One of the orchestrators of the Baghdad bombings was Abu Amr Abd al-Hakim (Shaykh Issa al-Masri). Al-Hakim is an Egyptian cleric with extensive ties to al-Qaeda “Central” or “Core” (AQC) and the Haqqani network, who had lived in Afghanistan since 1995, as the Taliban began seizing large areas of the countries, and fled to Pakistan when the Taliban fell in 2001. By mid-2008, al-Hakim was making a nuisance of himself by publicising his views—more in line with Zarqawi’s than Osama bin Laden’s—on the need to attack the “near enemy,” providing religious legitimacy for the multiple assassination attempts against Pakistan’s ruler, General Pervez Musharraf, and the successful attempt on the life of Benazir Bhutto. The U.S. had targeted al-Hakim with a drone strike because of the danger he posed to an allied government three weeks before Bhutto was killed. Arrested in January 2009 by Islamabad, al-Hakim was then either let go or escaped and was in Damascus by June 2009 under the protection of Assad’s mukhabarat (secret police).
One of the men who helped al-Hakim bed down in Damascus was Sa’ad Ubayd al-Shammari (Abu Khalaf), who had replaced al-Mazidi as head of ISI’s Syrian facilitation network, which was overseen by Syrian intelligence, bringing in foreign fighters and suicide bombers, as Treasury sanctions noted in May 2009. Al-Shammari, who was also implicated in the August 2009 bombing—and the series of attacks on Iraqi State institutions that followed, tactically led by ISI’s Baghdad emir, Manaf al-Rawi—was killed in a joint U.S.-Iraqi raid during a trip to Mosul on January 22, 2010. ISI was reeling by this time—and the situation would only get worse in the coming months as the senior and even mid-level leadership was picked apart.
Even among those who know about the Assad regime’s support to ISIS’s predecessors in Iraq, it is often held that this support ended after the al-Mazidi raid or after the terrorist strikes against the Iraqi Finance and Foreign Ministries in the summer of 2009. How, then, did ISI(S) revive so quickly once the Syrian uprising broke out? Because Assad’s support had never stopped and ISI(S) was drawing on this support to quietly rebuild in response to the Surge. Assad continued to support ISIS’s predecessors into at least 2012—after the Americans had left Iraq and after the uprising against Assad had begun and ISIS were trying to insert themselves into this revolutionary movement. Moreover, Assad’s use of ISIS’s predecessors and other Salafi-jihadists against the New Iraq was much more extensive than just al-Aghasi, and this infrastructure was available for ISIS to fall back on.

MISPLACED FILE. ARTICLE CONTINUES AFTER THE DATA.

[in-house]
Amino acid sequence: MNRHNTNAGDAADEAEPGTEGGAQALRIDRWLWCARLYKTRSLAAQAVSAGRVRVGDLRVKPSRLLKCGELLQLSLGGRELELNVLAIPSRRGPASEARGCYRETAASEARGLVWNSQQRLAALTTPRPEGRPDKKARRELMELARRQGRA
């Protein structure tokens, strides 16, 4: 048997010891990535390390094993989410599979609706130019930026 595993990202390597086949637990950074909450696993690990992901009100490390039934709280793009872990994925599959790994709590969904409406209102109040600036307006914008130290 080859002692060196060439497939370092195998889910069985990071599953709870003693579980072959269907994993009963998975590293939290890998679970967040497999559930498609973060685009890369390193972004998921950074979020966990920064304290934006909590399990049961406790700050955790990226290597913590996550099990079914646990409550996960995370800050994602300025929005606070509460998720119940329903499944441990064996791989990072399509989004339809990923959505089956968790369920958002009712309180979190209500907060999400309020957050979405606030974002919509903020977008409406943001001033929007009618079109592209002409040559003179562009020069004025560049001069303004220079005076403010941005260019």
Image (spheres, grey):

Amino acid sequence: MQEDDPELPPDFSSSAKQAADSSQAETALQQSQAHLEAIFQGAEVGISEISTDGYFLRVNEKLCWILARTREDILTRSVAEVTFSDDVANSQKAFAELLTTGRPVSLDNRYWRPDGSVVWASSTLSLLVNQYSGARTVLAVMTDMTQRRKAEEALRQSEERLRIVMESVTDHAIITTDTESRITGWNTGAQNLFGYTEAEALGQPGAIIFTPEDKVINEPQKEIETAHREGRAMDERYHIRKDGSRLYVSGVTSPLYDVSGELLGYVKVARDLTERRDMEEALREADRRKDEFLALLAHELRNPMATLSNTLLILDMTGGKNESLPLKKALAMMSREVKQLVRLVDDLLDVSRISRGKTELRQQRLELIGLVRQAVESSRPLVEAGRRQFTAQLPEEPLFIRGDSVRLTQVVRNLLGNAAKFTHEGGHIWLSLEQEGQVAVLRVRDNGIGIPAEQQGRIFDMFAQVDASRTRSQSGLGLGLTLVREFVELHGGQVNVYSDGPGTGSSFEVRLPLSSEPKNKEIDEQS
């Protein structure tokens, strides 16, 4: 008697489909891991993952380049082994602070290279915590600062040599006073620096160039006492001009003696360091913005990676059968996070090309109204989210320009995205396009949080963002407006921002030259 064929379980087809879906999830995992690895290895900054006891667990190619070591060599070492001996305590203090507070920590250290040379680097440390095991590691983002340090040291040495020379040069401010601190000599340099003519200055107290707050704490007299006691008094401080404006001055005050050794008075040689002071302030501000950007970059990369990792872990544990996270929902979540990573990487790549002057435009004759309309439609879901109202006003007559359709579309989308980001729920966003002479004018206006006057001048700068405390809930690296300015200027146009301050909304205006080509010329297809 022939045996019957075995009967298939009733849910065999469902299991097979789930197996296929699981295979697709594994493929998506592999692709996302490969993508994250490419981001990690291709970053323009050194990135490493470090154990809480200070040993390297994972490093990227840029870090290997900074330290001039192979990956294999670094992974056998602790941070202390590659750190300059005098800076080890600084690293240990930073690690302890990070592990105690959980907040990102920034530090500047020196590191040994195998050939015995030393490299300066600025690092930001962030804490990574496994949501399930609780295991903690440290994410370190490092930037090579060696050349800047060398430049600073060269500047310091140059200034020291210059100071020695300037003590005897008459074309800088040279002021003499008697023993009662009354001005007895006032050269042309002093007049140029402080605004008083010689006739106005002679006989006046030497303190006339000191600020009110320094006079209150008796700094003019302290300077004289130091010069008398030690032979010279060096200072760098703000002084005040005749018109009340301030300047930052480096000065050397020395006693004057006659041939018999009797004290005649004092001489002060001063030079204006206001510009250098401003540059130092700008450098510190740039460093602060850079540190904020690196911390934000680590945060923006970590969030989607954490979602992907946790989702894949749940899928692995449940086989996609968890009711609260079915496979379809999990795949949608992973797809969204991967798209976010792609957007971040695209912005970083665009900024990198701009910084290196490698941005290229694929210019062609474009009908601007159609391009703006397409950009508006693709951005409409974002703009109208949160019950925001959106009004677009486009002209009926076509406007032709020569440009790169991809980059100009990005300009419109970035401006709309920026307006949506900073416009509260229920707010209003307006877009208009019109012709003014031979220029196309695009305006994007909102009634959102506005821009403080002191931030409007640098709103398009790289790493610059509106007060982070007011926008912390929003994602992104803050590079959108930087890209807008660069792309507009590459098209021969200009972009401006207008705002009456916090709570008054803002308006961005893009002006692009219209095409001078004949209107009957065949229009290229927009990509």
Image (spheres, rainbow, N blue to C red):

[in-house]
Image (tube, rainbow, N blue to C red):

In the immediate aftermath of the Saddam Hussein regime, Izzat Ibrahim ad-Douri, Saddam’s deputy, and Muhammad Younis al-Ahmed, a senior Ba’athist, fled to Syria with inter alia the looted treasury of the fallen regime. Ad-Douri, with the full connivance of the Assad regime, supplied money and arms to all manner of insurgent groups in Iraq. Ad-Douri also exercised strategic guidance over the early insurgency and would maintain such influence over sections of the insurgency for years. Many of the early insurgent groups in Iraq were led by former regime elements (FREs)—soldiers, spies, and militiamen—whose goal was restoration. These FRE-led battalions were formed from the underground structure the Saddam regime had created to resist a repeat of the 1991 Shi’a Uprising, which accidentally laid the groundwork for a decentralized but coordinated insurgency after the regime fell. Degraded by the defeat in 1991 and the sanctions, the Saddam regime looked to provide itself some pillars of support. Ad-Douri set up essentially a criminal economy to evade the embargo and feed a patronage system of regime loyalists. Alongside this, Saddam looked for legitimacy in religion (and even came to believe it), intensifying his government’s already-Islamizing trends by starting the Faith Campaign in 1993, also run by ad-Douri. This meant mosques and religious orders were often the point at which this patronage was dispensed. Wary of the army, Saddam had deliberately weakened it by starving it of resources, instead empowering ultra-loyalist militias, notably the Fedayeen Saddam, loyal to the dictator not to the Iraqi State, which had also become increasingly Islamist as the 1990s wore on. (A notable contingent of Fedayeen fled to Syria: as late as 2007 Fedayeen personnel were operating the Assad-supervised terrorist training camps in eastern Syria.)